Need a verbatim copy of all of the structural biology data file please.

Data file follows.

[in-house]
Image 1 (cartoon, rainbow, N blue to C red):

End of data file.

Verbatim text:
[in-house]
Image 1 (cartoon, rainbow, N blue to C red):